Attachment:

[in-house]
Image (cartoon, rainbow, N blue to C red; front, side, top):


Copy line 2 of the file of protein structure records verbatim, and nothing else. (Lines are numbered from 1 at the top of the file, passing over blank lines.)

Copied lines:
Image (cartoon, rainbow, N blue to C red; front, side, top):